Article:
OCWD Partners with U.S. Navy to Combat Seawater Intrusion

The Orange County Water District (OCWD; the District) is partnering with the United States Navy to combat seawater intrusion in the Orange County Groundwater Basin.  Saltwater from the Pacific Ocean is the biggest threat to the basin and it is progressively migrating inland displacing freshwater in the regional aquifer.  Left unchecked, the intrusion will continue to reduce the capacity of the basin which provides about 75 percent of the regional potable water supply.

Since 2010 the District has been investigating the nature and extent of seawater intrusion in the Sunset Gap area beneath the Naval Weapons Station Seal Beach.  Investigations to date include an initial geophysical survey, construction and sampling of seven multi-depth monitoring wells, and preparation of nine geologic cross-sections.  Throughout OCWD’s investigations, the Navy has supported the installation of new wells at the Naval Weapons Station to provide necessary monitoring data and improve the effectiveness of future projects to protect the basin. 

Monitoring to date in the Sunset Gap has confirmed that seawater intrusion extends approximately three miles into the groundwater basin to the location of a former Huntington Beach well which was shut down and destroyed due to brackish groundwater.  Aquifers containing brackish to saline groundwater extend to a depth of approximately 300 feet below ground surface.  Groundwater in the affected aquifers beneath the weapons station generally flows easterly to northeasterly toward pumping depressions in the city of Huntington Beach.  Complicating the picture is that the intrusion appears to enter the groundwater basin at up to three locations:  1) Alamitos Gap (south of the Alamitos Barrier injection wells), 2) leakage across the Newport-Inglewood Fault near Landing Hill, and 3) from the south from the vicinity of Huntington Harbour or Bolsa Chica Mesa.

Work planned in 2018 includes construction of remaining multi-depth monitoring wells approved by the OCWD Board, a proposed follow-up geophysical survey, and groundwater modeling to develop potential injection/extraction options to hydraulically contain the seawater intrusion.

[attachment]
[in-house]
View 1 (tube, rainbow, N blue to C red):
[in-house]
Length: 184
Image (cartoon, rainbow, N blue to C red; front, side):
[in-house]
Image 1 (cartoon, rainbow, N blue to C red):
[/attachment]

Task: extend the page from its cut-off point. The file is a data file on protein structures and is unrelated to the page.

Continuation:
Through seawater intrusion barriers, water is injected via wells that range in depth from 100 to 685 feet to create a high-pressure ridge underground that prevents seawater from moving inland and contaminating valuable groundwater.

The District recently completed the well-drilling portion of the Alamitos Barrier Improvement Project in Seal Beach to strengthen the barrier infrastructure that protects the Orange County Groundwater Basin along the Los Angeles County-Orange County line from seawater intrusion, adding 17 injection wells and three monitoring wells to the existing 36 wells. The Alamitos Barrier is operated by the Los Angeles County Department of Public Works under the oversight and direction of the Alamitos Barrier Joint Management Committee that includes OCWD staff.

The District’s Talbert Barrier, which is located within the cities of Huntington Beach and Fountain Valley, is OCWD’s alignment of 102 injection wells that spans a distance of 2.5 miles.

The more recent collaboration between the Navy and OCWD, the Aquifer Sustainability Project, is located in a five square-mile area between the two existing barriers in Sunset Gap, which is a vulnerable expanse where the basin is shallow and in contact with the coastline. 

OCWD is charged with the responsibility of sustainably managing the Orange County Groundwater Basin which provides potable water to over 2.5 million residents.  The Navy plays a vital role to enable this effort in support of regional sustainability.  As noted by OCWD Chief Hydrogeologist, Roy Herndon, "The Navy's assistance and our continued inter-agency cooperation continue to be essential and are much appreciated."